Harry Reid today broke 225 years of precedent in the U.S. Senate, and had his Democrat majority change Senate rules for confirmation of judges and most executive branch officials. From now on, only a simple majority will suffice, not the 60 votes formerly required. Supreme Court nominations will still be subject to filibuster, however.

Paul Kane of the Washington Post reports:

The vote to change the rule passed 52 to 48. Three Democrats - Sens. Carl Levin (Mich.), Joe Manchin III (W.Va.) and Mark Pryor (Ark.) - joined 45 Republicans in opposing the measure. Levin is a longtime senator who remembers well the years when Democratic filibusters blocked nominees of Republican presidents; Manchin and Pryor come from Republican-leaning states.

Infuriated by what he sees as a pattern of obstruction and delay over President Obama's nominees, Senate Majority Leader Harry M. Reid (D-Nev.) triggered the so-called "nuclear option" by proposing a motion to reconsider the nomination of Patricia Millett, one of the judicial nominees whom Republicans recently blocked by a filibuster, to serve on the U.S. Court of Appeals for the District of Columbia Circuit.

The Senate voted 57 to 40, with three abstentions, to reconsider Millett's nomination. Several procedural votes followed. The Senate parliamentarian, speaking through Sen. Patrick J. Leahy (D-Vt.), the chamber's president pro tempore, then ruled that 60 votes are needed to cut off a filibuster and move to a final confirmation vote. Reid appealed that ruling, asking senators to decide whether it should stand.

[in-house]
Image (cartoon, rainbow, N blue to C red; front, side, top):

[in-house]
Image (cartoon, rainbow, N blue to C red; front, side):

Reid and the Democrats are going to live to regret this change. It is very possible, given the debacle that is Obamacare, that starting in 2017 they will face a GOP Senate, House and President with a serious and sweeping reform agenda. Having discarded the filibuster - long the protection given to minorities --  a GOP Senate majority could theoretically expand the the simple majority rule to all sorts of issues, including Supreme Court nominations and legislation aimed at downsizing the federal government.

Kane notes what happened the last time, when it was Republicans threateneing to end the filibuster practice:

Reid's move is a reversal of his position in 2005, when he was minority leader and fought the GOP majority's bid to change rules on a party-line vote. A bipartisan, rump caucus led by Sen. John McCain (R-Ariz.) defused that effort.

McCain's customary phrase, "My good friends across the aisle" should no longer be operative, though I have not found any comments by the senator yet on this move.

This looks to me like a sign of panic by the Democrats, anxious to do as much as possible to staff up the judiciary with left wing judges before they lose power. They may also wish to divert attention from the ongoing Obamacare crisis. What they may not understand is that they have weakened the wishy-washy wing of the GOP and strengthened its conservative wing, especially Ted Cruz and Mike Lee. Those pleading for reaching across the aisle have lost credibility.

Update from Ed Lasky:

FLASHBACK: Clinton: If President Can't Get 60 Votes For Nominee, Should Rethink Nominee  http://freebeacon.com/flashback-clinton-if-president-cant-get-60-votes-for-nominee-should-rethink-nominee/

FLASHBACK: Biden on Nuclear Option: 'It's a Fundamental Power Grab' http://freebeacon.com/flashback-biden-on-nuclear-option-its-a-fundamental-power-grab/